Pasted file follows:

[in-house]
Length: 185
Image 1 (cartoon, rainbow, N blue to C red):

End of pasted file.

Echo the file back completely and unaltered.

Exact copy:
[in-house]
Length: 185
Image 1 (cartoon, rainbow, N blue to C red):